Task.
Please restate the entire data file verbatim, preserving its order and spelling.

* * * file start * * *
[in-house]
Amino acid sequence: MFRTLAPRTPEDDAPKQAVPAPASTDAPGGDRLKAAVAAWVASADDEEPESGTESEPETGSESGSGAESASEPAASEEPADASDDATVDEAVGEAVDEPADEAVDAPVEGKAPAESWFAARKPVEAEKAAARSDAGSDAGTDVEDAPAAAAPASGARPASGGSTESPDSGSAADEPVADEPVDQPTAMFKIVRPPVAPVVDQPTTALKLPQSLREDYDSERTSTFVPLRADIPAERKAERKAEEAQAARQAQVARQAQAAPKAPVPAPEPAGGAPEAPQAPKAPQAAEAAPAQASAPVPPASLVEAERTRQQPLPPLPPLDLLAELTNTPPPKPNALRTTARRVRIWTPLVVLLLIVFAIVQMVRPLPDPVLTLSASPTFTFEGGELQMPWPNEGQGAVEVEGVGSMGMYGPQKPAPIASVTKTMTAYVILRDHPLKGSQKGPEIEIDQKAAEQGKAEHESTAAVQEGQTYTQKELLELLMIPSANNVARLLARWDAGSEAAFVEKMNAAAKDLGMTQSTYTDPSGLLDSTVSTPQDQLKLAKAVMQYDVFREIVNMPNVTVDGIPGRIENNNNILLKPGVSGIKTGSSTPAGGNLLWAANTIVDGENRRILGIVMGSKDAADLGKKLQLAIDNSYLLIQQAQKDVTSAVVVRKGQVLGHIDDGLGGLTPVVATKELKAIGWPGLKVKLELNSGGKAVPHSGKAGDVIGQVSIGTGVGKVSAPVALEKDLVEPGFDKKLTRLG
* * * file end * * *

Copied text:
[in-house]
Amino acid sequence: MFRTLAPRTPEDDAPKQAVPAPASTDAPGGDRLKAAVAAWVASADDEEPESGTESEPETGSESGSGAESASEPAASEEPADASDDATVDEAVGEAVDEPADEAVDAPVEGKAPAESWFAARKPVEAEKAAARSDAGSDAGTDVEDAPAAAAPASGARPASGGSTESPDSGSAADEPVADEPVDQPTAMFKIVRPPVAPVVDQPTTALKLPQSLREDYDSERTSTFVPLRADIPAERKAERKAEEAQAARQAQVARQAQAAPKAPVPAPEPAGGAPEAPQAPKAPQAAEAAPAQASAPVPPASLVEAERTRQQPLPPLPPLDLLAELTNTPPPKPNALRTTARRVRIWTPLVVLLLIVFAIVQMVRPLPDPVLTLSASPTFTFEGGELQMPWPNEGQGAVEVEGVGSMGMYGPQKPAPIASVTKTMTAYVILRDHPLKGSQKGPEIEIDQKAAEQGKAEHESTAAVQEGQTYTQKELLELLMIPSANNVARLLARWDAGSEAAFVEKMNAAAKDLGMTQSTYTDPSGLLDSTVSTPQDQLKLAKAVMQYDVFREIVNMPNVTVDGIPGRIENNNNILLKPGVSGIKTGSSTPAGGNLLWAANTIVDGENRRILGIVMGSKDAADLGKKLQLAIDNSYLLIQQAQKDVTSAVVVRKGQVLGHIDDGLGGLTPVVATKELKAIGWPGLKVKLELNSGGKAVPHSGKAGDVIGQVSIGTGVGKVSAPVALEKDLVEPGFDKKLTRLG